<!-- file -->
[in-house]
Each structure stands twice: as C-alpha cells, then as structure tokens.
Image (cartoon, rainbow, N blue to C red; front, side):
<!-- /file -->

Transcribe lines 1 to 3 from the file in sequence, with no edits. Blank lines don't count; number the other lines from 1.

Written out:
[in-house]
Each structure stands twice: as C-alpha cells, then as structure tokens.
Image (cartoon, rainbow, N blue to C red; front, side):